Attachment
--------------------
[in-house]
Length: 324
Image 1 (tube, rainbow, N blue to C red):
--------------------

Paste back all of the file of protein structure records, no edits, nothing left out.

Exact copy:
[in-house]
Length: 324
Image 1 (tube, rainbow, N blue to C red):